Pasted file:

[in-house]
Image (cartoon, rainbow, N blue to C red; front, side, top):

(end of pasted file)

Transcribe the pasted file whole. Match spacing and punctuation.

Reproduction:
[in-house]
Image (cartoon, rainbow, N blue to C red; front, side, top):